But antagonism has mounted over allegations that he lobbied European powers to vote against a Palestinian bid for statehood submitted to the United Nations in New York last week. "We have been extremely unhappy and dissatisfied with Mr Blair's performance since he became envoy, but particularly in the past few weeks," a senior Palestinian official said.

No formal request for Mr Blair's dismissal has been made to the Quartet, and it is likely the Palestinians will come under intense US and European pressure to change course and desist from making a public pronouncement on his ostracism.

More at TTel

Nothing Changes- Fact

Barclays remains the UK's most complained about bank after notching up 251 563 complaints in just the first half of this year.  In second place was Lloyds TSB with 181 907 and Shitander with 168 888, the Financial Services Authority (FSA) said.

Barclays also led the chart during the second half of last year, with more than 205 000 complaints, but it said the latest figure was 14% down on the same period in 2010.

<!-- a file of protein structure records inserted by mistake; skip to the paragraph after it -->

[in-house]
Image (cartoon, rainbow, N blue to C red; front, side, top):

So that's all right then...

U S of A

Crap UK

People in Britain are getting a "raw deal" on quality of life and cost of living, according to a new study.  Things are so bad that one in ten Brits is considering emigrating, says uSwitch, which put Britain bottom of its quality of life index.  The director of consumer policy for the price comparison website said:

"Last year, our neighbours in Ireland were worse off but now we can’t even console ourselves with that.  We are now officially bottom of the pile. We may still be enjoying the fourth highest household income in Europe but the high cost of living means that we’re living to work."

France and Spain top the index of ten countries.

The table considered working hours, VAT, holidays, health and education costs and hours of sunshine.   British households struggle with the highest food and diesel prices in Europe, while petrol, alcohol and cigarettes cost more than the average on the continent, the report says.

Britons also have the lowest holiday entitlement in Europe and one of the highest retirement ages.  One of our biggest concerns is the "broken society", according to the survey.

The Whole Truth and Nothing But

A barrister stunned a court by calling his client "a thieving little twat", going on to add that it was the 18 year old’s description of himself in a probation report.  He added:

"It’s a little harsh but not far from the truth."

The judge agreed and said the client was to be commended for his insight.  :oD